of its parts. Through writing this blog I am connecting the various parts of quality that are important to me in a wider whole. And by crafting that whole, develop new learnings to apply.

Blogging is tiring but valuable

I have experienced periods of tiredness, frustration, and a lessened motivation to blog, and this resonates with the argument that practitioners are usually so busy that they have little time for their own writing. This has especially been true during the last year of this pandemic.

However, I strongly view this blog as a core part of my learning, and that learning benefits from the longitudinal process of blogging. Writing about my experiences as a quality professional has promoted detailed observations of my work, analysis of that work, imagined solutions, implementation of such imagined solutions, and re-analysis of alterations to practice. Writing this blog has been an ideal way of showing experiential learning and my own development.

What comes next?

I set myself a goal of writing at least one post a day in March, and I found that amazingly rewarding. Not sure if I can keep that pace up but I am committed to continuing to use this blog space for reflection and development. I hope folks find some use out of that, and I look forward to the various communities this space engenders.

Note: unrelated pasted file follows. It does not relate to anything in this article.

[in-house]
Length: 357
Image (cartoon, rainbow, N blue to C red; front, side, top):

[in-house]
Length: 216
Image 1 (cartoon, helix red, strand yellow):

Photo by Andrea Piacquadio on Pexels.com

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Building Situational Humility

The biggest thing I am working on is situational humility. How do I successfully balance the subject matter expertise my organization needs with the humility to truly lead? It is clear that such humility is critical to building psychological safety, and psychological safety is critical to building innovative teams.

Amy Edmondson’s powerful talk on psychological safety and teams

For most of my career I’ve been prized for my subject matter expertise, but there are huge limits, no one can know everything, so I am cultivating the following behaviors in my practices.

To build Humility do thisWhich meansAnd I do this
Know what you don’t knowResist “master of the universe” impulses. You may yourself excel in an area, but as a leader you are, by definition, a generalist. Rely on those who have relevant qualification and expertise. Know when to defer and delegate.I have a list of key topics that are both in my space and overlap and individuals who involving in the discussion is critical.